Bob Novak sees some troubling signs for President Bush, most notably unease among Senators who should be his most staunch supporters. They’re irritated that the Administration, especially SECDEF Rumsfeld, has treated them with disdain and kept them largely out of the loop; angry that they’re losing the judicial confirmation wars with the Democrats; and worried about the economy, especially the stale job market.
Nobody is suggesting that Bush is duplicating his father’s nonchalance after the Gulf War in sliding to defeat against Bill Clinton. Nor do they have specific policy advice beyond playing straight with Congress on how much the war against terrorism will cost.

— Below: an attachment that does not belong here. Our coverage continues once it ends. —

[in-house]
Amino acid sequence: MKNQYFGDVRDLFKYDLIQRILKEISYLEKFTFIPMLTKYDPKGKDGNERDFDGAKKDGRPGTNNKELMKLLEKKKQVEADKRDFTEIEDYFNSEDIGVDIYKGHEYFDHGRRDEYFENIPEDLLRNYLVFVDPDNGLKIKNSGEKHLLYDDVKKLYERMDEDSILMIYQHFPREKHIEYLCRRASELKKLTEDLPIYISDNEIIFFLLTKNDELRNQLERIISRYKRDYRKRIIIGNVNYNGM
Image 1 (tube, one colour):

Bush political adviser Karl Rove always has predicted a close presidential election for 2004, just as he did for 2000. Republican senators now realize Rove was not kidding, and they no longer laugh at Howard Dean challenging Bush for the presidency. Pollster John Zogby calls this a 50-50 country and Bush a 50-50 presidency.
Given those odds, arrogance and deception are too great a burden at either the White House or Pentagon.